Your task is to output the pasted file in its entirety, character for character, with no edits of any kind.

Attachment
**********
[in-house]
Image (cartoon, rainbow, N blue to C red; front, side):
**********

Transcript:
[in-house]
Image (cartoon, rainbow, N blue to C red; front, side):